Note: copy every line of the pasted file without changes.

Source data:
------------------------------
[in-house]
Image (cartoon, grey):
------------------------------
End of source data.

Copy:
[in-house]
Image (cartoon, grey):